Process sequence design for cold forging is an experience-oriented task which depends on designer's skill and decision. Therefore, several expert systems for the design of cold forging process sequence have been developed in order to reduce the time and cost required at design stage. However, there is a number of designer's own rules which might conflict with general design rules, and specification of forming facilities has not been considered in the developed systems. Although the existing expert systems previously developed have made many progress by developing algorithm to automatically regenerate design knowledge and constructing the necessary database, there are difficulties in setting up the proper hierarchy in implementing proprietary know-hows to the existing design rules. Therefore, in the present investigation, searching techniques were introduced to an expert system in order to simulate the heuristic nature of cold forging process design.
Due to the non-deterministic nature of process sequence design for multi-stage cold forging, various process designs are available depending on the initial billet geometry and the order of basic processes such as forward/backward extrusions, upsetting and trimming process. Therefore, various process sequences should be determined and compared to obtain an optimal solution. For this purpose, $A^*$ and depth-first searching techniques used in artificial intelligence were introduced in developing expert system for multi-stage cold forging process design. However, it was found that depth-first search was more appropriate to cold forging process design than $A^*$ search since all feasible solutions can be presented to process designers and it is easier to compose an evaluation function for depth-first search than that for $A^*$ search.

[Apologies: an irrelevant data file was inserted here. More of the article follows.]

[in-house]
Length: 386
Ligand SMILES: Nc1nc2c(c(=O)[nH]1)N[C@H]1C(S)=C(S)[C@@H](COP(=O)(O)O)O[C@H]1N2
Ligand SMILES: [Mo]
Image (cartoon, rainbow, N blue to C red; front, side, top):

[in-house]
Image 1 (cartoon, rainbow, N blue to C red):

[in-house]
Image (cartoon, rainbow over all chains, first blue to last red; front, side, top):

As a result, various possible process sequences can be designed by the introduced depth-first search and an optimal solution can be searched by estimating the values of evaluation functions which are introduced to represent the important design characteristics. In this study, the distributions of global effective strains in the final product and forming loads required at each forging stage were selected to be controlled. In addition, a more realistic process sequence can be designed in the developed system by considering manufacturing conditions such as the number of forming stages, forming loads, shearing diameter of the coil, open upsetting diameter, and knockout lengths of the dies and punch. In this dissertation, a methodology of applying searching techniques for the process sequence design is discussed, and the flexibility of the introduced searching techniques is evaluated by generating design examples of a shaft part, a hexagonal and wrench bolt made of AISI 1045 and a clutch part made of AISI 1020. For verification of the developed expert system, finite element analyses and forming experiments of a cold forging process sequence of pin-shape part were also carried out. As a result, a pin part was successfully forged without defects based on the designed process sequence obtained from the developed expert system. In addition, in order to extend the possible design geometry, a process sequence design for a semi-axisymmetric part with asymmetric geometry which can be forged by axi-symmetric processes such as upsetting, forward and backward extrusion was conducted.
Ductile fracture is one of the most important design variables in cold forging since materials have forming limits. Therefore, In this dissertation, the limitation and applicability of ductile fracture criteria based on a work hypothesis and Cockcroft and Latham were investigated. For this purpose, experimental and numerical investigations of simple upsetting were conducted for aluminum alloys Al1100-O, Al2024-T3, Al6061-T4, and Al7075-T4. As a result, the fracture mode of each alloy was observed. The study was extended for pin-shape cold forging of Al1100-O and Al6061-T4 to compare the likeliness of fracturing according to two criteria. As a result, it was found that Cockcroft and Latham's criterion might be useful in cold forging process design.